The human body cannot digest pectin in its natural form. But an altered form of pectin, known as modified citrus pectin (MCP), has properties that allow it to be digested.
Why do people take MCP?
People take MCP for a variety of reasons. Some research suggests that pectin, like other soluble fibers such as those found in oatmeal and in psyllium husks, can help lower LDL "bad" cholesterol. But the effect is a small one. If you have high cholesterol, soluble fibers such as pectin may help to lower it, but they usually can't do the job on their own.
Pectin has also been used to control diarrhea, and some evidence points to its effectiveness for treating very young children. The FDA, though, decided in 2003 that the available evidence does not support such a use. The following year it banned the use of pectin in over-the-counter diarrheamedications.
Pectin may have a potential role in cancer care. Studies done on animals showed that pectin can slow or stop the spread of prostate, breast, and skin cancer, particularly to the lungs. However, MCP had no effect on the cancer where it started.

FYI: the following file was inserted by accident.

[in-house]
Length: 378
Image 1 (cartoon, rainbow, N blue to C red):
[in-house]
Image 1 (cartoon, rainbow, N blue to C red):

In a small study of men with prostate cancer for whom standard treatment had failed, MCP appeared to slow the growth of their cancer.
Larger, better designed studies are needed before any conclusions are drawn about MCP's potential as an anticancer agent.
Pectin has also been used to try to treat heavy metal toxicity, which can result from exposure to lead, mercury, arsenic, and other elements. Some people believe that MCP can help the body excrete such poisonous substances. But little unbiased research exists to support such claims.
Optimal doses for MCP have not been established for any condition, though 6-30 grams divided throughout the day have been used. Also, as with supplements generally, the quality of the active ingredients in products that contain MCP varies from maker to maker.